2 Disc Special Edition

with a 28 Page Booklet packed with lots of Photos

and Lenny’s terrific drawings and images of all releases.

Free Postage in Australia



Long before Tame Impala, there was Tumbleweed. ‘Twas the early nineties, when Powderfinger was the skinniest next big thing and Spiderbait, Custard and The Meanies were still oddball-fresh, like that newfangled ‘grunge’ word. Sharing band camp with spotty youngsters You Am I, The Fauves and Grinspoon amongst many others, Australian indie rock could only spare a square of fame (or infamy) to “the Weed”, but it’s all they’d need. Radio airplay plus disparate teen spirit saw them infiltrate shared-house record players nationwide, growing virally (pre-internet) from garage le Wollongong one day to The Big Day Out the next. This neat little two-disc package chronicles that whirlwind first three years of studio releases and captures the band at their most creative, credible and unique.

  In 2010/11, now that every eligible band from nineties superfuzz has happily reformed (except maybe Caligula &/or Def FX, or the equally unlikely Incursion or The Fat Thing) we can all smile, sigh and continue. But like long lost friends you’ve hoped haven’t just lost themselves, it’s great to see Tumbleweed not only back but also successfully blitzing the live circuit. There’s some new material in the pipeline too but for now let’s just reminisce. And regardless of how much Tumbleweed stuff you might already have (if any), surely it can’t be all this…

  Both discs are strictly chronological, the first being a complete scoop up and remastered lay down of their rarefied earliest singles and four EPs, while disc two is their 1992 album followed by another EP. Earmarking their classic three-year itch on the Waterfront label, it’s an extremely well presented and inclusive compilation containing artwork and info galore, with absolutely no B-sides omitted. This complete lack of editing does replace some quality with quantity though, as we get the good ‘weed A sides with some not so good B’s. Whilst bearing all and sundry studio output it doesn’t include any live or alternate takes, which compatriots The Hard Ons did superbly on their old Best of & Rarities compo.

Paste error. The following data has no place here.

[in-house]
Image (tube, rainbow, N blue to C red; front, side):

The inclusion of the entire self-titled debut Tumbleweed album is a grand gesture but valid. In the year prior to its release, there’d been huge progression from their debut 7-inch single Captain’s Log b/w Space Friends – in which you can hear them still emerging from the same smoky haze as The Proton Energy Pills and Zambian Goat Herders – to the rebellious scene-stealing single Stoned and mushroom coloured / magic mushroom themed 12-inch vinyl Theatre of Gnomes EP. Tracks like Carousel and Shakedown‘s twirling guitars, fantasy lyrics and extended outro runaways were the keys to alt-Nirvana for waves of Aussie flannel-clad slackers. Then despite its added muscle, the much-anticipated album was almost a tad self-conscious for its predominantly stumbling audience, the band launching a more concise melody-driven route instead of the familiar cascading rambling stoner guitar lines. Today it also (still) sounds great though, especially those nipple-peeling riffs on Sundial, Atomic, Acid Rain, plus the Daddy Long Legs EP.

  The once plentiful merchandise has all but faded away but fortunately Tumbleweed say the fun continues, long hair intact. Amid its rather delicious gatefold packaging adorned by guitarist Lenny’s artwork this lovingly manufactured retrospective from Collingwood’s reissuing label Aztec bears the slogan “preserving Australia’s rich musical heritage”. Richly deserved, both by Tumbleweed and maybe, just maybe the odd new Impala fan.

Review courtesy of http://thedwarf.com.au/album_review/the-waterfront-years-1991-1993

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